The Washington PostDemocracy Dies in Darkness

A doctor races to contain a plague in Manchuria — but the bodies are vanishing

Jody Shields’s new novel, “The Winter Station,” takes place in 1910 Kharbin, a bleak Russian-controlled outpost in Manchuria. People are dying; their bodies are disappearing mysteriously. Baron von Budberg, the town’s aristocratic doctor, discovers an epidemic and a coverup.

In this tale based on an actual Manchurian plague, much is still unknown about the transmission of the disease, even to the various Eastern and Western doctors. The city’s Russian ruler tells the Baron, “Information does not belong equally to everyone.” He goes to great lengths to protect information — and his own power. But a secret like the plague doesn’t keep for long.

Shields surrounds the Baron with fascinating people, including a black marketeer, a Chinese dwarf and the Baron’s subservient wife. But our ostensible hero, the Baron, is more a set of eyes than a character, and seems to exist only to wander through the various medical frustrations of 1910.

“Their knowledge was nothing but theories and guesswork propelled by fear,” he thinks. “A fist against a giant wave, a wall of brick.” Science has a long way to go, and he feels for his patients, but he’s mostly holding hands. “The Baron couldn’t look at them, without a sense of betrayal as he checked them for symptoms. He was repeatedly overwhelmed by a wave of tenderness, a longing to stop this process, to explain the situation, turn them aside from their fate.”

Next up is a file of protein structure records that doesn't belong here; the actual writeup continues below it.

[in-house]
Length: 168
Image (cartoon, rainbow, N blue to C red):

Unfortunately, the Baron’s lack of efficacy is matched by his lack of personality, which makes for some slow, frustrating reading. He takes calligraphy breaks every few chapters, but this doesn’t shed any light on his character or move the story along. “He was untethered,” Shields writes. “With the detachment of an observer, he realized that he’d pass the rest of his life here.” We share that concern.

Does this story want to be a mystery? A thriller? It appears so in the beginning, along with seeds of political intrigue, as “the Japanese army waits like a cat for a mouse,” hoping the plague will cripple the city. But the story drifts away from that idea, back toward the slow destruction of withering souls.

“The Winter Station” may be an accurate story about a plague, but it will not infect you with the desire to keep turning the pages.

Heather Scott Partington is a writer in Elk Grove, Calif.

By Jody Shields

Little, Brown. 352 pp. $27

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